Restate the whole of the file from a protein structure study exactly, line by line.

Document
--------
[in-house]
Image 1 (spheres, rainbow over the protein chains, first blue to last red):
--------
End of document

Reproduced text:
[in-house]
Image 1 (spheres, rainbow over the protein chains, first blue to last red):